"We're going to look at where is the low point for blacks in this century, and where is the peak," Tyson explains.
"What peak?" quips Sandra Hicks, a former president of the local chapter of the National Association for the Advancement of Colored People (NAACP) and a longtime community volunteer.
They begin by talking about the Supreme Court's 1896 "separate but equal" decision, Plessy v. Ferguson. "That set the stage for the 20th century by originating apartheid," says Bernard Streets, a teaching consultant and lecturer on racism at schools and colleges.
After considering the role of blacks during and after both world wars, they move on to the Supreme Court's 1954 Brown v. Board of Education decision, which gave blacks equal access to education.
But it is the civil rights legislation of 1964 that commands the most attention. Calling this the "pinnacle" for blacks, Tyson says, "We have more black youths going to college, more blacks voting, and more black men and women in the corporate world." Now, he adds, "We have to look at how do we secure the advances that were made on that bill, and how do we go further?"
He continues, "Things aren't changing as much as we think they're changing. Every time we think we're taking two steps forward, we find we're ending up with one step backward. If blacks tend to be suspicious and irritable, it is entirely understandable. Blacks have to live in two worlds. We have to pretend we believe what the white cultural environment tells us and at the same time understand what reality is."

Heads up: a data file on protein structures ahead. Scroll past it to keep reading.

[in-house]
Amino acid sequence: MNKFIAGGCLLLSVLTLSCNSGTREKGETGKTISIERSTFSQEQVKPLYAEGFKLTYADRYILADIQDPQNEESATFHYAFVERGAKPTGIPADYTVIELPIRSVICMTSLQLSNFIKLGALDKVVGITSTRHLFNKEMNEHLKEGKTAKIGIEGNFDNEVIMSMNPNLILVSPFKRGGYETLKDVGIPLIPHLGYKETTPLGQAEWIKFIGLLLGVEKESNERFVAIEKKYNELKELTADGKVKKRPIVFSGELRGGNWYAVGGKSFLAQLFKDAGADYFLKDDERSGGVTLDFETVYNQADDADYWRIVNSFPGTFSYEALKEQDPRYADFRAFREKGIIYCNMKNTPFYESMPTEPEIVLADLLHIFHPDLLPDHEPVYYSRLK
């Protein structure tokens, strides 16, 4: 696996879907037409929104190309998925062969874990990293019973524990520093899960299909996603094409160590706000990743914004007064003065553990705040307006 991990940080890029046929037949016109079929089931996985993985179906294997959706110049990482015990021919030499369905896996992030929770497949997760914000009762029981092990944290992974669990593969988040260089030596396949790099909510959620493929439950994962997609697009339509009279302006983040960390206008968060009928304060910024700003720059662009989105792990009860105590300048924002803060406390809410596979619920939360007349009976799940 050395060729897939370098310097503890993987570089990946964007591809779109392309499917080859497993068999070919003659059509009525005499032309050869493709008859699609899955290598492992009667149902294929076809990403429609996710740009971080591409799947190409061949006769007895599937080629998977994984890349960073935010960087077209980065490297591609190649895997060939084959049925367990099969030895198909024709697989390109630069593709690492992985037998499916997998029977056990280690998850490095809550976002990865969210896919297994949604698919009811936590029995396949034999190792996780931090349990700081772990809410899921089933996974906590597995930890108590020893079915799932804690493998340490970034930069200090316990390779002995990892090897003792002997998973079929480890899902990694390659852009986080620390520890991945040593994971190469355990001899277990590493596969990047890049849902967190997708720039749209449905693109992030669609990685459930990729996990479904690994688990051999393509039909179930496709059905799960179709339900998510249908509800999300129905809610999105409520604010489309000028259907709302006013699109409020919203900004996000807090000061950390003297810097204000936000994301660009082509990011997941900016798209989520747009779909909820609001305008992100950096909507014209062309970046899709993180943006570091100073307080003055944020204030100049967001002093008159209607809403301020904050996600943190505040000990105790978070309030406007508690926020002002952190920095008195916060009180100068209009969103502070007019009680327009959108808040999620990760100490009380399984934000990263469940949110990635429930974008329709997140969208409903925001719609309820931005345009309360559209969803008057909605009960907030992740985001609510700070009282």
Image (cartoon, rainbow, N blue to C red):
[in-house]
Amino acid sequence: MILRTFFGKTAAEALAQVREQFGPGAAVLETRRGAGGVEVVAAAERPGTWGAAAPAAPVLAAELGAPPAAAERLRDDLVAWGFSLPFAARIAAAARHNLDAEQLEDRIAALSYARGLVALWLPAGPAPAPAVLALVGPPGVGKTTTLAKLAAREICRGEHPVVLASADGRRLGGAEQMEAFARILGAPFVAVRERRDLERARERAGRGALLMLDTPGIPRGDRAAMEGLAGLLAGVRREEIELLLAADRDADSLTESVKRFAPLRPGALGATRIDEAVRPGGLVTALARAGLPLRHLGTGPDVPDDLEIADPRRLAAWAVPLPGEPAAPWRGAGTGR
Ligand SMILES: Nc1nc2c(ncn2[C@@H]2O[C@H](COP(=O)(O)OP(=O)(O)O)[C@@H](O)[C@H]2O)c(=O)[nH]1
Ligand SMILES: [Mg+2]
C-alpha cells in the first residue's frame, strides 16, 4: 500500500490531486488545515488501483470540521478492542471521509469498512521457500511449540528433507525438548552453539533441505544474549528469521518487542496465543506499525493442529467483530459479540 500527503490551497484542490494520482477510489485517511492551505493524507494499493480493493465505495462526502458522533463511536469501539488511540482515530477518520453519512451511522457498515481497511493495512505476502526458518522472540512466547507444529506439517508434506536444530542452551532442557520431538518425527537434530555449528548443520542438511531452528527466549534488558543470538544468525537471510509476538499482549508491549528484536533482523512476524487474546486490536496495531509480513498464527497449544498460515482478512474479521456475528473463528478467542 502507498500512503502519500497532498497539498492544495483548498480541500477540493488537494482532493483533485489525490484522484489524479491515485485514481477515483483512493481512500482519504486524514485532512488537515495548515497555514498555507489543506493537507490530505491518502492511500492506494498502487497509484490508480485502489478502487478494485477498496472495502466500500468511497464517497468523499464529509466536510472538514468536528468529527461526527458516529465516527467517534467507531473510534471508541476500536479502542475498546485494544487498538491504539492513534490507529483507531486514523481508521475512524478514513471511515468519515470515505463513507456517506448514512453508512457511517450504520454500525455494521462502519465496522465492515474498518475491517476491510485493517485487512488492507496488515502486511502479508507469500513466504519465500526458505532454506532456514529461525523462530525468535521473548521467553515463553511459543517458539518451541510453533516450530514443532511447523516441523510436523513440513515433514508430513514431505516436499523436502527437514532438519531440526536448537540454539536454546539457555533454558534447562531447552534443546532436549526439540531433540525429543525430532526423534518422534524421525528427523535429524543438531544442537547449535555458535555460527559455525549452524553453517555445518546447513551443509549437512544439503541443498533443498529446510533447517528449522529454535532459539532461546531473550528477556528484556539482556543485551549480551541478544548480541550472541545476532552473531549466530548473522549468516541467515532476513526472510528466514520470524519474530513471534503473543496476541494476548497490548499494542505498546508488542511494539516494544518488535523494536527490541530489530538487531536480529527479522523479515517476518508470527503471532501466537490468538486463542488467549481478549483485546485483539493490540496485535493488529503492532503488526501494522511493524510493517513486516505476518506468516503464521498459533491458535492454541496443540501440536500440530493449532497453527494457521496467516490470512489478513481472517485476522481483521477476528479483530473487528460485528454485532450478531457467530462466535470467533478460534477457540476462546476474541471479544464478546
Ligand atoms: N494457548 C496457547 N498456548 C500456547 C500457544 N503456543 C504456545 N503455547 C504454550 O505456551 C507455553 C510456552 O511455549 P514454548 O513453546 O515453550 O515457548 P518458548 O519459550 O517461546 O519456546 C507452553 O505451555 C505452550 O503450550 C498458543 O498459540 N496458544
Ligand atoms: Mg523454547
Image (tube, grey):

The wide-ranging discussion also touches on welfare reform, which Ms. Hicks calls a "blame the victim" approach, and the burning of black churches.
"A lot of support for the rebuilding of black churches has come from white people," says the fourth panelist, Carol Cochrane, a probation and parole officer.
Adds Mr. Streets, "Maybe this can be a catalyst for human beings, whatever their race, to come together. Maybe out of something terrible, something good will happen."
When the focus turns to the current backlash against affirmative action, Streets tells the group, "I was in the corporate world for 35 years. So many people were getting promotions through the old-boy network. I almost laugh about these objections to affirmative action, when people say, 'Oh, it should be about merit.' Meritocracy has not been the way it's typically done."